Learning Java/Important Java classes

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Introduction[edit]

It's a fact. As a general rule, programmers are lazy. At least, it seems that way, considering how often we talk thinking about the future and reusing code. Why do we care so much?

Suppose for a moment that you're making a calculator program. You need to be able calculate exponents, square roots, and trig functions. Sure, it's possible to write your own function to find a square root, but do you know the algorithm?

What about a calendar? You'd need some sort of Date class that holds a specific instant in time, and maybe another to format that date in a way that humans understand.

Wouldn't it be nice if all these things were done for you? If there was some great library of standard classes you could just import into your programs and use as if you wrote them yourself? Dream no more. The answer is... the Java API.

What does API stand for? "Application Programming Interface." What does that mean? It doesn't matter. What does matter is that there are lots and lots and lots of classes in there that you can use. Oh, and it ships with your compiler. That's right -- if you can write text to the command line with System.out, you can use the API. And guess what? If you write text to the command line with System.out, you're already using the API.

Benefits of Using the Java API[edit]

You might be wondering why you should bother using code that someone else wrote. Isn't it all about writing the code yourself?

Put simply, no. Here's why.

It Saves You Time[edit]

You could go online, find an algorithm for calculating a square root, and translate the math into Java code. Or you could use the API's Math class to do it for you. Second idea here is that you can trust Java API. Can you trust your first attempt to make something more complicated than a simple dynamic array memory allocation? There is a lot of debugging and optimizing done. It is a hard work which none of us want to repeat.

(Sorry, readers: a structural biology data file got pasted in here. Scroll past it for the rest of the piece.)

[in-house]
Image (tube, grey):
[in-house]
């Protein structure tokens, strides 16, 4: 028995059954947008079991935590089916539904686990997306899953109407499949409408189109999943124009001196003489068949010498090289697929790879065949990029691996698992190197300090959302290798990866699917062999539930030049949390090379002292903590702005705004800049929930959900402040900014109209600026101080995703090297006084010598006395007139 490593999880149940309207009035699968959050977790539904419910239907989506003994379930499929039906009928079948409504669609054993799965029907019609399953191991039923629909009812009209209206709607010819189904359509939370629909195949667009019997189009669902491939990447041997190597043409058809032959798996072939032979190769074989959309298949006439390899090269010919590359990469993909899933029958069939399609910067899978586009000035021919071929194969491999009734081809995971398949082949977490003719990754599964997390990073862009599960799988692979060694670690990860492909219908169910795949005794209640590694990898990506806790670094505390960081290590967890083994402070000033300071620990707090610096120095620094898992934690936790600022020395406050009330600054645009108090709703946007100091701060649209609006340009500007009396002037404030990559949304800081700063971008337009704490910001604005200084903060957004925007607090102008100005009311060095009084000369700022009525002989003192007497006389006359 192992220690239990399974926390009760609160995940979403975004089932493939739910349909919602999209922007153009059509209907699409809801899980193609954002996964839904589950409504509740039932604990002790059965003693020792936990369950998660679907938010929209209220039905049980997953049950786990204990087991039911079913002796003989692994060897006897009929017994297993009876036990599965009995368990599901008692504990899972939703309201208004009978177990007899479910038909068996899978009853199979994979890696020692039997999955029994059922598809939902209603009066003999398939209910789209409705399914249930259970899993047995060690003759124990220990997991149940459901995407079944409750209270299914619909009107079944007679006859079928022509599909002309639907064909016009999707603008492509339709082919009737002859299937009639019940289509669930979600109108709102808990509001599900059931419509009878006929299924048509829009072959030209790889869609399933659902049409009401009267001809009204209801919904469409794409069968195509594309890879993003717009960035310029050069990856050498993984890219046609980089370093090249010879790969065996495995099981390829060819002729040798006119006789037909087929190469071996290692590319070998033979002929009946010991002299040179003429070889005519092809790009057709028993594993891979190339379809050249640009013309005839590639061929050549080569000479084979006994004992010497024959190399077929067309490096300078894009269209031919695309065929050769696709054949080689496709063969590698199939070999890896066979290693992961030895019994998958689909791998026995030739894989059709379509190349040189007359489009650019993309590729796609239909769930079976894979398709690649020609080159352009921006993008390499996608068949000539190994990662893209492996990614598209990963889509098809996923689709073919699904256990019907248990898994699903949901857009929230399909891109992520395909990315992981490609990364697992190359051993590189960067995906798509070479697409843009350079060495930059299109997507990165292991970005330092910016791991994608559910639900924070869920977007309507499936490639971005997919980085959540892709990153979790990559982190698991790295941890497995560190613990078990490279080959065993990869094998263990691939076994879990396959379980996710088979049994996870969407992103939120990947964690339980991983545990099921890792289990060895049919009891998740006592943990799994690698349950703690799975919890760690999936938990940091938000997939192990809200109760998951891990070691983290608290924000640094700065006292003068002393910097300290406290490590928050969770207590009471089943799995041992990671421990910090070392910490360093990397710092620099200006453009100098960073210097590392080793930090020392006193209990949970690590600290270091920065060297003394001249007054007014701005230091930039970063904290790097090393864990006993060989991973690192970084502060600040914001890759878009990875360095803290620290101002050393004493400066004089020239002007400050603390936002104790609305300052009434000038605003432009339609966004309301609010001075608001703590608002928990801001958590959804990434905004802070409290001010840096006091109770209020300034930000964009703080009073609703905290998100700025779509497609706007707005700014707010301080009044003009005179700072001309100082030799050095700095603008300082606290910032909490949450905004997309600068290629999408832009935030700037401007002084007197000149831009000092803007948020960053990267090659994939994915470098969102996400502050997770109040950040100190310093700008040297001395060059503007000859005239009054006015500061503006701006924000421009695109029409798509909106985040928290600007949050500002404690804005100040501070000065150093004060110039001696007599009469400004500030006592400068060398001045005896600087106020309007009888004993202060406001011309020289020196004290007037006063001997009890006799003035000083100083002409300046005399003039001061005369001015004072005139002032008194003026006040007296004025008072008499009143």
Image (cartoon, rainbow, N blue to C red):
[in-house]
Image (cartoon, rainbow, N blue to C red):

It Saves You Effort[edit]

Suppose you want to read data out of a file. Do you know how to do that? (I'll give you a hint -- it involves native methods and other programming languages.)

...I didn't think so. Using the API's java.io package is much simpler.

It Provides a Standard[edit]

If your personal calendar program uses your Date class to mark points in time, but your friend's todo list program uses his Time class, you would have to write some sort of translator class to let the programs talk to each other. That's no fun. If you both use java.util.Date, no translator would be necessary.

Organization of the API[edit]

The Java API is the collective term for all the classes that you can use. It's broken down into packages, groups of related classes.

Package names are lowercase by convention and separated by periods. The java.io package, for example, is the Java standard package containing classes relating to file I/O. java.util contains various utility classes; java.util.concurrent provides utility classes for concurrent (multi-threaded) programming.